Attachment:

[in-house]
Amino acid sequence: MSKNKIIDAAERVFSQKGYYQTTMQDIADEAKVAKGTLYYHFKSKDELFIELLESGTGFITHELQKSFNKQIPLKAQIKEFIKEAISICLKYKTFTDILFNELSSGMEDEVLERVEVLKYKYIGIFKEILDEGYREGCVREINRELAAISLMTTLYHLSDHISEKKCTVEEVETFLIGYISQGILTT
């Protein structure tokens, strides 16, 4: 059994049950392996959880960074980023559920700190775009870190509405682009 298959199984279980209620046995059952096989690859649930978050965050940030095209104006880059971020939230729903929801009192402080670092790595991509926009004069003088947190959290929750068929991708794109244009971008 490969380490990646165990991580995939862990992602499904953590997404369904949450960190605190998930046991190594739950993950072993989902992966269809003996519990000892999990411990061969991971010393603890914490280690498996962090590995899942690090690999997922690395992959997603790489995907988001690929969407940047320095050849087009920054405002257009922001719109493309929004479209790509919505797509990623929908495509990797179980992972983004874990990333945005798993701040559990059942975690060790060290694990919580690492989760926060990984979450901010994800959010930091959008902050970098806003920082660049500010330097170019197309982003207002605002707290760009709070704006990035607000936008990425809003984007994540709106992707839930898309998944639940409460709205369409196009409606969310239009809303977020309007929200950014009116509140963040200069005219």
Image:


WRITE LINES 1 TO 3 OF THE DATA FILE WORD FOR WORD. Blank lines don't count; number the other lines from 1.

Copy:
[in-house]
Amino acid sequence: MSKNKIIDAAERVFSQKGYYQTTMQDIADEAKVAKGTLYYHFKSKDELFIELLESGTGFITHELQKSFNKQIPLKAQIKEFIKEAISICLKYKTFTDILFNELSSGMEDEVLERVEVLKYKYIGIFKEILDEGYREGCVREINRELAAISLMTTLYHLSDHISEKKCTVEEVETFLIGYISQGILTT
């Protein structure tokens, strides 16, 4: 059994049950392996959880960074980023559920700190775009870190509405682009 298959199984279980209620046995059952096989690859649930978050965050940030095209104006880059971020939230729903929801009192402080670092790595991509926009004069003088947190959290929750068929991708794109244009971008 490969380490990646165990991580995939862990992602499904953590997404369904949450960190605190998930046991190594739950993950072993989902992966269809003996519990000892999990411990061969991971010393603890914490280690498996962090590995899942690090690999997922690395992959997603790489995907988001690929969407940047320095050849087009920054405002257009922001719109493309929004479209790509919505797509990623929908495509990797179980992972983004874990990333945005798993701040559990059942975690060790060290694990919580690492989760926060990984979450901010994800959010930091959008902050970098806003920082660049500010330097170019197309982003207002605002707290760009709070704006990035607000936008990425809003984007994540709106992707839930898309998944639940409460709205369409196009409606969310239009809303977020309007929200950014009116509140963040200069005219």